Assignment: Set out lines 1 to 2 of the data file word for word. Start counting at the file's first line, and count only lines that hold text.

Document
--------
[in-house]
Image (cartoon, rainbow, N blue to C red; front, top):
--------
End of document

[in-house]
Image (cartoon, rainbow, N blue to C red; front, top):